There comes a limit to how much we can accept as plain ignorance and begin to recognise that there are people out there in charge of keyboards who are so stupid that one wonders how they actually mastered the skills of tapping the keys in the right order.
But, when it comes to journalists, there is a very special kind of stupidity which infects a breed which is supposedly dedicated to spreading knowledge. This is the sort of stupidity that portrays a depth of ignorance of such a profundity that it cannot be accidental. These are the hacks who have elevated stupidity to an art form.
Soaring to the top of the list is Fraser Nelson writing a piece in the sadly diminished Telegraph, asserting that "a vote to leave the EU is no guarantee we'd shake off its malign influence".
What elevates his to the highest level, though, is a particularly facile comment, share by Labour's Stephen Kinnock – son of Neil – and the Tory MEP Vicky Ford, to the effect that notifying the EU of our intention to leave via Article 50 bars the UK from taking part in the exit negotiations.
Nelson's version of this stupidity comes in the context his asinine discussion of the Norway option, following which he ventures that we could "of course, hope to negotiate our own British option". But, writes Nelson, "appallingly, Article 50 of the Lisbon Treaty seeks to frustrate even this. If a nation votes to leave, it cannot be in the room when other EU members discuss the terms of its departure".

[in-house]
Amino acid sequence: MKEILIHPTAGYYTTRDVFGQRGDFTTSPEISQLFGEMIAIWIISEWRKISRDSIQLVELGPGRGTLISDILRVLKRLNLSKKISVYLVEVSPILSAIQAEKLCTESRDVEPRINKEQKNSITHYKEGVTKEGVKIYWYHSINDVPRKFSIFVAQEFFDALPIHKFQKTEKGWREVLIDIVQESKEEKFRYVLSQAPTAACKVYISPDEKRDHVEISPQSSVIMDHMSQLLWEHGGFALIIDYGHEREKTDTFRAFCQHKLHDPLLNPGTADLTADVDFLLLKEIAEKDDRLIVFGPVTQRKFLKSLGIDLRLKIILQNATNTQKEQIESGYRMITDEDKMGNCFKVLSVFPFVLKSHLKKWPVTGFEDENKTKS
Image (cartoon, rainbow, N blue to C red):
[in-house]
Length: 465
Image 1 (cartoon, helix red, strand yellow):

We've heard a great deal of stupidity on this, which stems from the wording of Article 50 in the treaty. As we point out in our explainer though, Para 2 of Article 50 actually requires the Union to "negotiate and conclude an agreement with that [withdrawing] State, setting out the arrangements for its withdrawal, taking account of the framework for its future relationship with the Union".
Para 3, inter alia permits an extension of the negotiating period – which must be agreed unanimously and then Para 4 tells us that the discussions between the Member States on the negotiations cannot be attended by the departing states.
This is not a block exclusion. In all other discussions and processes other than those directly involving the negotiations, the departing Member State participates fully in the business of the European Union.
Furthermore, the partial exclusion is entirely logical. Otherwise the UK would end participating in Council meetings when matters pertaining to negotiations with itself were being discussed and decided upon. This cannot be permitted, otherwise, effectively, the UK would be sitting on both sides of the table during the negotiations.
Yet the wording of this exclusion is taken by Nelson (and many others) to mean a total exclusion from the negotiations as a whole, to the extent that the "colleagues" unilaterally decide on what they will offer the UK, which is handed down on a take-it-or-leave-it basis.
While it is troublesome enough that some politicians should believe this, journalists writing for "broadsheet" national newspapers are supposed to be a cut above the rest, claiming a special authority by virtue of their position.